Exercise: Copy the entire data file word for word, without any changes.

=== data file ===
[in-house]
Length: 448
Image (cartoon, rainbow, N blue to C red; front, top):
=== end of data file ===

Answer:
[in-house]
Length: 448
Image (cartoon, rainbow, N blue to C red; front, top):